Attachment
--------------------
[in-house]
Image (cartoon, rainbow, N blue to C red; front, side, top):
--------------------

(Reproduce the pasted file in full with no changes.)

[in-house]
Image (cartoon, rainbow, N blue to C red; front, side, top):